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The History of Ballet Flats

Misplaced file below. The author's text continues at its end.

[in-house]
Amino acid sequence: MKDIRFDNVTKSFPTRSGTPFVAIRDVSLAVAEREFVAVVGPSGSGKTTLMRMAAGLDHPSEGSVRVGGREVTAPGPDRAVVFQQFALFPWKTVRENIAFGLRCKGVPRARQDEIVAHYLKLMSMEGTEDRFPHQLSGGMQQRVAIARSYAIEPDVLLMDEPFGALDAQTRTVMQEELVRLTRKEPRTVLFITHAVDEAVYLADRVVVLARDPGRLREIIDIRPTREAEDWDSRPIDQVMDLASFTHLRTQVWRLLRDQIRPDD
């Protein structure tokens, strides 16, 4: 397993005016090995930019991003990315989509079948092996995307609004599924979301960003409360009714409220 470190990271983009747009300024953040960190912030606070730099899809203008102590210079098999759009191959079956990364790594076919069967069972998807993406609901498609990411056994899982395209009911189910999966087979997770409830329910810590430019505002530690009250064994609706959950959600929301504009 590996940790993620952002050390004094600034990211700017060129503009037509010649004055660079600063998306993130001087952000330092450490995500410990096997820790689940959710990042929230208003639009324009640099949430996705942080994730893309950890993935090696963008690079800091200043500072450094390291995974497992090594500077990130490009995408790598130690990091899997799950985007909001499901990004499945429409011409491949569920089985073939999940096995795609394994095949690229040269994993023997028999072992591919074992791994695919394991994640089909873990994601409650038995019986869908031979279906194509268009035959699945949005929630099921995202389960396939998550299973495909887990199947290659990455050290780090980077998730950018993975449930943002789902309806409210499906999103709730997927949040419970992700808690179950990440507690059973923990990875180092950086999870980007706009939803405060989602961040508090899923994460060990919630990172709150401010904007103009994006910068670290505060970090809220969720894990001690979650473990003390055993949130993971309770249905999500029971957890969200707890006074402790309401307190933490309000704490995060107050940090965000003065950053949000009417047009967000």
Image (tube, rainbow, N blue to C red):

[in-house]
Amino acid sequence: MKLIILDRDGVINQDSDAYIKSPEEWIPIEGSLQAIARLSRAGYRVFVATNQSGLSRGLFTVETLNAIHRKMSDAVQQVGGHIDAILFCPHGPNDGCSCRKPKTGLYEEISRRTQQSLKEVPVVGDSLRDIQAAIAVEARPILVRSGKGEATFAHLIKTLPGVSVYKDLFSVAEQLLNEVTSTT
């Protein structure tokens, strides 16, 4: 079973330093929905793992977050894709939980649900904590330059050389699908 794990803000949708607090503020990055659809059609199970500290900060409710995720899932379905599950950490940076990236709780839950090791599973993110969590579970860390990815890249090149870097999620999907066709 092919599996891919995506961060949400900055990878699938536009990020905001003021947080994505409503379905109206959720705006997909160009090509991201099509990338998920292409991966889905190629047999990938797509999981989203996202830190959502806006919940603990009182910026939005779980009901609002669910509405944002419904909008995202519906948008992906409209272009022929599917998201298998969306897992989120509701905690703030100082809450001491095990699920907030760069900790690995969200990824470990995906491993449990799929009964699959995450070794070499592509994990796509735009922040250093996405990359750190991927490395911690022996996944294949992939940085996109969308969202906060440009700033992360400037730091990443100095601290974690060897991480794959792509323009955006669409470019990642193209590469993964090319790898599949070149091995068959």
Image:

Ballet flats entered the world as footwear designed for use by ballerinas. Interestingly, the earliest ballet shoes were heeled; it wasn’t until Marie-Anne de Cupis de Camargo (or "La Camargo"), a popular French ballerina, wore non-heeled slippers during her performances that heeled ballet shoes were eliminated. Later, Russian prima ballerina Anna Pavlova helped catapult ballets flats into the mainstream fashion market after she purchased pairs for her entire cast from an Italian cobbler turned shoemaker, Salvatore Capezio, during a dance tour in 1910. In 1941, American sportswear designer Claire McCardell further popularized the ballet slipper when she commissioned Capezio to design a range of flats for her collection. High-end retailers like Lord & Taylor and Neiman Marcus then purchased and promoted the style. But it was Brigitte Bardot who ultimately transformed the ballet slipper into a chic fashion mainstay. Bardot (who was trained as a ballet dancer) asked Rose Repetto to design a pair of shoes for her that were as flexible as ballet slippers, but softer and more comfortable. The result was the famous Cendrillon, which Bardot wore in her 1956 film, ...And God Created Woman. The ballet flat's appeal was further solidified by celebrity fans such as Audrey Hepburn, who wore a custom Ferragamo pair in Roman Holiday, Princess Diana, Jacqueline Kennedy Onassis, and Rita Hayworth. Today, ballet flats have achieved a nearly iconic status in the fashion world and are considered a timelessly stylish wardrobe staple.

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